On February 19, 2014, Google announced it was bringing it’s Google Fiber service to 34 more cities across the US in addition to areas its currently building out. Every city in the Triangle is eligible for getting Google Fiber, provided a certain set of prerequisites are met. Those conditions include completing a fiber ready checklist and conducting in depth studies evaluating everything from existing infrastructure to topography.
Cary (and other Triangle municipalities) passed the first hurdle recently by submitting their fiber ready checklist to Google. A fiber hut license agreement was also approved with Google. A fiber hut is a structure that will be used by Google (and potentially other providers) to store network and fiber infrastructure equipment. It will be used to connect homes to the fiber network to be constructed. Cary will need 3 to 5 of these fiber huts to support a Cary build out.
More on the role of a Google Fiber Hut:
The hut connects Fiberhoods – or gerrymandered fiber zones – to the ring.
Thousands of individual glass fibers enter the hut and send signals between your computer and the internet. From the fiber hut, cabinets – called telecom cabinets – make the network even more complex. These cabinets can be seen on the side of the road in front of neighborhoods. They divide the fiber into bundles which travel out of the cabinet to groups of homes. A fiber cable then travels from there above ground on telephone poles – a much more cost-effective deployment than the alternative – or continues underground delivering a single wire to each individual home with Google Fiber Gigabit internet and TV service.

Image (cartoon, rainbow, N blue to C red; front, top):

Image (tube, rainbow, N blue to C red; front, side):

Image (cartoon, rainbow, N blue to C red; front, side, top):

The great thing about the agreement is that providing this same deal of other potential service providers is a requirement. So if AT&T so desired to adopt a similar infrastructure, they could get access to the same pricing and terms that Google gets.
I’m pretty eager, if the Triangle is selected, to observe the actual build out. In a good portion of Cary, infrastructure is buried in individual neighborhoods. For example, in my neighborhood, my house is provided power, cable (coax), and telephone service using an underground infrastructure. Luckily, along the main roads, a lot of it is carried on poles. With that said, I witnessed the AT&T U-Verse fiber build out (AT&T runs fiber to a neighborhood VRAD/termination point, then uses existing copper cabling to connect existing homes). I noticed they buried all of their fiber, so Google may go the same route.
The inkling of Google bringing their fiber network to the Triangle has forced AT&T to get their act together and they announced a gigabit build out in collaboration with the NCNGN (North Carolina Next Generation Network).
In my experience, the Triangle, is one of the luckier places in the country in that many communities have access to 2 or more decent solutions for internet and cable. I was a longtime Time Warner subscriber, who switched to AT&T U-Verse (though I currently only have an internet subscription, but I’ll be bringing TV back in time for football).
The Town of Cary has a great website where they post the latest information as they progress on the adventure of bringing Google Fiber. I’m looking forward to connecting my in-home gigabit network to the internet at gigabit speeds.
Why is Google Fiber important? Local competition, incumbent providers have gotten comfortable (and lazy). Services, content, applications, etc. powered by the internet continue to evolve. This evolution will continue to increase demands on infrastructure. Google Fiber is forcing providers to rethink the value they offer to consumers. The infrastructure being built will undoubtedly spur innovation. Faster, more advanced networks provide more opportunity for growth, creativity, and innovation than slow networks.